Carson City and Lincoln County are showing signs of “lower risk” after a week-long consultation and collaboration with the COVID-19 Mitigation and Management Task Force.
Last week, eight counties: Clark, Elko, Humboldt, Lander, Nye, Washoe, Carson City and Lincoln were flagged as showing “elevated disease transmission risk,” said an official statement by Nevada Health Response.
Over the last weekend and throughout this week, Caleb Cage, chairman of the task force, worked with leaders from these eight counties to examine each county’s data. County leaders also submitted their assessment and action plans for review to the task force.
Based on COVID-19 data analysis this week, Carson and Lincoln counties “no longer meet two or more of the criteria” in regard with COVID assessment metrics based on case rate, tests done and test positivity rate per 100,000 people.
However, both counties will continue with current mitigation measures. The other six counties, too, will continue with existing restrictions.
“At this time, all current restrictions for each county will remain in place as plans are reviewed and refined over the next week. This includes the existing closures of bars, pubs, taverns, breweries, distilleries and wineries in Clark, Washoe, Nye and Elko counties per Directive 027,” said the health response statement.
Sisolak formalized today Road to Recovery: Moving to A New Normal plan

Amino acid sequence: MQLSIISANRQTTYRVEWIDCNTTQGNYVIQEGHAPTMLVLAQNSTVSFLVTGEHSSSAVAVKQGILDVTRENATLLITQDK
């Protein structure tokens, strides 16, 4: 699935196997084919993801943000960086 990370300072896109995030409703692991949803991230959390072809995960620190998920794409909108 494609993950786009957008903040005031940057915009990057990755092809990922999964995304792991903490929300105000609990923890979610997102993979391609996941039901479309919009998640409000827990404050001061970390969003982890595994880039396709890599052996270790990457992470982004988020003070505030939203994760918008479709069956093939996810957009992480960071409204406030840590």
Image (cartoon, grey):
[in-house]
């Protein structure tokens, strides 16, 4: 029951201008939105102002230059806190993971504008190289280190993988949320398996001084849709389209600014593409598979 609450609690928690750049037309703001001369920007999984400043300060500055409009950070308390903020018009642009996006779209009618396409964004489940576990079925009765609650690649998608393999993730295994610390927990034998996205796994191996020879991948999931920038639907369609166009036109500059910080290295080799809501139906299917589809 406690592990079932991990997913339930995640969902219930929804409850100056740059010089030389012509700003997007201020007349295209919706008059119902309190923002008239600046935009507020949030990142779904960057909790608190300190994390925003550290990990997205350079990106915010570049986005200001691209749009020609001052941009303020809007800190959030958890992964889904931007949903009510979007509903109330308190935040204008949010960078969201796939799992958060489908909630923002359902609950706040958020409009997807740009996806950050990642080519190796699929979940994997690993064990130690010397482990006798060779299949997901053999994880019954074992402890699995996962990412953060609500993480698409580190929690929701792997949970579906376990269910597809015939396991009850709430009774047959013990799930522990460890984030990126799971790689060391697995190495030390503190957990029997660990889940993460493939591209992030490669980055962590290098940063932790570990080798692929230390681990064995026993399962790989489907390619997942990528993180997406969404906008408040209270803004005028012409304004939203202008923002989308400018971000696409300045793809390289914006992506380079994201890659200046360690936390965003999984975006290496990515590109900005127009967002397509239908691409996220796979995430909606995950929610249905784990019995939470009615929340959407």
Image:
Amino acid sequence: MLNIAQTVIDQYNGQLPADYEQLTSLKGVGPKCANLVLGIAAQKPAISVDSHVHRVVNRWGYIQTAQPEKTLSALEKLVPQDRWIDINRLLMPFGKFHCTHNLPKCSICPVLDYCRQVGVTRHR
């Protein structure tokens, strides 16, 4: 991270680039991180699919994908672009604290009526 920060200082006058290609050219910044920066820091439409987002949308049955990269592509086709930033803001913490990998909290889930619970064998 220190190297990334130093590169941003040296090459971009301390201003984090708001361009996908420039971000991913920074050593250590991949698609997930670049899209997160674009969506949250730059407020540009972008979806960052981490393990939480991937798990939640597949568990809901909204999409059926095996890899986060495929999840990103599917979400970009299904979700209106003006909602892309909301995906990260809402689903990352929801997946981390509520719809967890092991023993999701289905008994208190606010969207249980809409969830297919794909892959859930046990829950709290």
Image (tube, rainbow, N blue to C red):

Gov. Steve Sisolak formalized today the ‘Road to Recovery: Moving to A New Normal’ plan via directive 030, which provides for a “sustainable response model” to investigate the pandemic in a consistent and accountable manner and communicate to Nevadans and policy-makers these findings in the most accessible way possible.
The plan also outlined the State’s transition to a long-term, focused mitigation strategy for the coming days.
Like the rest of the country, Nevada’s ongoing pandemic investigations and analyses have improved over a period of time, helping the administration take up strategic goals.
Going forward, the New Normal Plan will be “utilizing targeted strategic mitigation measures at the county level using State and local data and assessments.”
The aim is to slow the spread of COVID-19 within specific communities showing higher risks, until America finds a COVID-19 vaccine.
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